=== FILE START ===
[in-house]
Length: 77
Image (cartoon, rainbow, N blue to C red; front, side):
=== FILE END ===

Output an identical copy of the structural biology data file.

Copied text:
[in-house]
Length: 77
Image (cartoon, rainbow, N blue to C red; front, side):